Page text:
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Voting has reset for the month of August. Valucre is in the top 10 but we aim for the top 3 for maximum visibility when people land on the home page of the topsite. If you want to help new members discover Valucre, vote for us daily.

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      Vote for Valucre [August]   05/16/2017

      Voting for the month of August is open on TopRPSites! Vote for Valucre daily and help new members searching for a place to roleplay discover the same joys you have in Valucre. You can vote daily, so make voting for Valucre a habit. Discussion thread


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About Chouette

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  1. I, Henrietta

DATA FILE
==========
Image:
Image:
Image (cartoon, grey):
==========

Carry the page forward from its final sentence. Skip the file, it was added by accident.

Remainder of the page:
Before today, Sabiya realized, she had never felt true fear. She reached the factory floor in less than half the time it had taken the red-caped man to descend. A long reach and a light body gave her some advantages in that respect, but in reality the difference came down to Sabiya's desperation, luck, and seeming lack of concern for her own safety. Rather than inching carefully down as he had, she practically flung herself from one handhold to the next, almost falling several times on the way down and making even more noise than her predecessor. Her suit was scuffed, her gloves dirtied, and her hair beginning to twist and tangle. All these things registered in her mind, small alarms going off with every defilement of her appearance, but they were drowned out by the deafening scream that rang again and again through her every thought, the infrangible imperative that seemed to drive her onward like a demented puppeteer. Get. The. Child. She barely registered the other men, even when one started to speak. If they were talking, they weren't running, and if they weren't running they weren't helping. Sabiya had no time to waste on explaining to them just how great the stakes might be, not when every second- every racing heartbeat -could mean the difference between absolute victory and a loss she couldn't even contemplate. The instant the lights came on, she bolted eastward. There were no means of determining with certainty which way they'd taken the girl, but her instincts told her that it would be away, out of the safe and clean facility and towards the wild, dirty, dangerous world outside. One moment she was rushing past dimly lit machines, the next she raced into the covered hallway. Each step felt less like a stride and more like a lunge, heaving her forwards past a blurry stream of strange symbols to either side, elaborate graffiti left by some unknown predecessor. She ignored these entirely, instead fixing her gaze straight ahead to watch for any sign of movement. She didn't know how to hunt or track, but anyone knew how to follow. If she could catch sight of a target, she could run it down and then- Then what? Sabiya had no idea. She could only keep going, fueled by panic and faith alike, hoping that she'd find some way to make everything right again.